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Final Report of the California Alliance to Combat Trafficking and Slavery Task Force, October 2007.
In September 2005, California enacted its fi rst anti-traffi cking law (Assembly Bill 22, Lieber) to make human traffi cking a felony in this state and assist victims in rebuilding their lives. This law, as well as Senate Bill 180 (Kuehl, 2005), also established the California Alliance to Combat Traffi cking and Slavery (CA ACTS) Task Force to conduct a thorough review of California’s response to human traffi cking and report its fi ndings and recommendations to the Governor, Attorney General and Legislature. The law charged the Task Force with examining whether we are doing enough to identify the extent of human traffi cking in this state, protect and assist victims, prosecute traffi ckers and prevent this violation of human freedom.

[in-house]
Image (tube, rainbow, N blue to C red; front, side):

Between March 2006 and July 2007, the Task Force held nine meetings to explore these issues. It heard many presentations by representatives of non-governmental organizations (NGOs) that provide services to human traffi cking victims; law enforcement; prosecutors; local, state and federal agencies; labor; farm workers; victim advocacy programs; academic researchers; and survivors of human traffi cking. In addition, the Task Force conducted research with many local, state and national experts, including service providers and researchers in the fi eld of human traffi cking.
Based on the result of these efforts, the Task Force prepared this report, Human Traffi cking in California.
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